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All Students Can Succeed With Social and Emotional Support, Principal Says

By Gwynne Hogan | December 25, 2016 2:53pm

 Jorge Sandoval, the Principal of Academy of Urban Planning in Bushwick, talks about how he's striving to provide social and emotional supports so that every teen can succeed.
Jorge Sandoval, the Principal of Academy of Urban Planning in Bushwick, talks about how he's striving to provide social and emotional supports so that every teen can succeed.
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DNAinfo/Gwynne Hogan
BUSHWICK — A new principal who grew up poor to an immigrant family from Ecuador — and was the first generation in his family to go to college — is now working to bring the same opportunities to his students at a local high school that's long struggled with flagging enrollment and poor attendance.
Jorge Sandoval, 40, took over as principal of the Academy of Urban Planning at 400 Irving Ave. on the Bushwick Educational Campus this fall, though he's worked for nearly a decade there, first as a substitute teacher, then a U.S. history teacher, then assistant principal, and now this fall as principal.
Two years ago, the school was designated a renewal school by the city, one of 86 low-performing schools to get extra funding and support. And their efforts have quickly paid off, statistics show.
Attendance was up from 70 percent two years ago to 86 percent, and the four-year graduation rate last year 70 percent last year, up from 56 percent in 2011.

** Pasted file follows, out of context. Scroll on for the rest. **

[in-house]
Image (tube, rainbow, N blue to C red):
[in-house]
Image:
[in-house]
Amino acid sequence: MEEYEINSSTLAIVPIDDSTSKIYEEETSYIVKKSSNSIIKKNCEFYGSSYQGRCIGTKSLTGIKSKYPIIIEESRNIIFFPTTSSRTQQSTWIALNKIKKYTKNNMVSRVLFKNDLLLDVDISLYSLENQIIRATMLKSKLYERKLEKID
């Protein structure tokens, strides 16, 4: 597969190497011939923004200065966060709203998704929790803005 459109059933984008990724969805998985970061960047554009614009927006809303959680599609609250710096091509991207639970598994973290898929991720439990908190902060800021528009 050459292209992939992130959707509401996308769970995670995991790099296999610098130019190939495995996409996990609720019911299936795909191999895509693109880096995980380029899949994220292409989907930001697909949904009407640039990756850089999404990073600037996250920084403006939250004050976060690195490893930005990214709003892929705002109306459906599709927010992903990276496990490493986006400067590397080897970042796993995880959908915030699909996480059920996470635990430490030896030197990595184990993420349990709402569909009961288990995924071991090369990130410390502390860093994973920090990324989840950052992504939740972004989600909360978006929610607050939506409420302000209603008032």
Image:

While there's a constant fight to bring the most challenged students up to speed, Sandoval said, the new principal isn't shy about providing the more advanced students with stimulating opportunities, like pathways to internships with local organizations.
And starting this year, thanks to a partnership with Medgar Evers College, students can get college credits in history, English, Spanish, biology and U.S. history.
The school boasts a hydroponics lab that opened this fall and they're in the planning phases of getting a girls soccer team and working on a swim team for the recently refurbished Olympic-sized swimming pool they share with other schools on campus.
Sandoval sat down with DNAinfo and talked about some of the challenges and exciting new elements headed to the Academy of Urban Planning.
This interview has been edited and condensed for clarity.
What have you done to get such a dramatic bump in attendance at the school?
The method is traditional work. There's making phone calls, meeting with students, giving them mentors, assigning them mentors, not just teachers but staff members. My secretaries serve as success mentors. We have our own attendance team, we do home visits: guidance counselors do home visits, attendance teachers go on home visits, teachers' assistants, no one is above anyone on the attendance team. Everyone has their own responsibilities to get those kids in. We call home twice a day in the morning and the afternoon. Any kid that's not there by the end of the day, whoever's not here gets a phone call. It's time consuming, but it works.

Has the changing neighborhood impacted the climate inside the school in any way?